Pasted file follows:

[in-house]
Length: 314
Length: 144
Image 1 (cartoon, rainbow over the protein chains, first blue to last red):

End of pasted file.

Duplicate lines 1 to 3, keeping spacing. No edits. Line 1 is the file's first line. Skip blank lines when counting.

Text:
[in-house]
Length: 314
Length: 144